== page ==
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Battling the ‘Monsanto law’ in Ghana

Farmer in Ghana [Related Image]
OneVillage Initiative under a Creative Commons Licence

This week, farmers in Ghana are on the frontlines of a battle. The national parliament is due to return from its summer break and first thing on the agenda is the government’s Plant Breeders Bill. The proposed legislation contains rules that would restrict farmers from an age-old practice: freely saving, swapping and breeding seeds they rely on. Under the laws, farmers that use seed varieties claimed under new intellectual property rights by individuals and companies anywhere in the world risk hefty fines or even imprisonment.

According to the Ghanaian government and its corporate backers, the new laws would incentivise the development of new seed varieties and ensure crops are safe and saleable. Yet in recent months, farmers, campaigners, trade unions and faith groups have taken to the streets in the cities of Accra, Tamale and beyond. They warn that the bill would hand control of the country’s seeds to giant corporations like Monsanto. They fear the laws would allow corporations to exploit farmers, capture profit and push GM seeds in to the country’s food system. It’s why campaigners have dubbed the bill ‘the Monsanto Law’.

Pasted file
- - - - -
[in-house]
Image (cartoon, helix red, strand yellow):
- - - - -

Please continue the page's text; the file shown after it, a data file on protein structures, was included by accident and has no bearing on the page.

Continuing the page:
‘The Plant Breeders Bill aims to replace traditional varieties of seeds with uniform commercial varieties and increase the dependency of smallholders on commercial varieties,’ says the Ghana National Association of Farmers and Fishermen. ‘This system aims to compel farmers to purchase seeds for every planting season.’ Across the world, farmers have got in to dangerous levels of debt at the hands of companies which have come to control their seed supply. ‘The economic impact on the lives of farmers will be disastrous,’ says Duke Tagoe of Food Sovereignty Ghana. ‘The origin of food is seed. Whoever controls the seed control the entire food chain.’

Ghana’s proposed seed laws are the latest manifestation of a worldwide push by corporations to takeover food systems. Currently, 70 per cent of the world’s food is produced by small-scale farmers. But in recent decades they have lost land, markets and livelihoods to corporate investors. In 2013, the World Bank announced that ‘Africa represents the “last frontier” in global food and agricultural markets’. Now governments, including the British and US, are using aid and the promise of corporate investment through benevolent-sounding programmes like the New Alliance for Food Security and Nutrition to leverage pro-corporate policy reforms in Africa. Giant agribusinesses including Unilever, Coca-Cola, Monsanto and Syngenta are already lining up for the spoils.  

As part of this, Ghana, along with other African states, signed up to ‘plant variety protection’ (PVP) laws promoted under the highly-criticized International Union for the Protection of New Varieties of Plants (UPOV) 1991. Backing from corporate investors, aid donors, the World Bank and the International Monetary Fund (IMF) has ensured that PVP has been on the agenda of governments worldwide. Yet farmers are fighting back. The resistance to Ghana’s seed laws follows mobilizations in Europe, Latin America, Asia and elsewhere in Africa against the international UPOV regime. Earlier this year, small-scale farmers across Europe successfully halted EU-wide plant variety protection laws. In September, Guatemalan farmers, indigenous groups, and women’s organizations won a victory when their congress repealed the country’s own Monsanto law after 10 days of widespread street protests.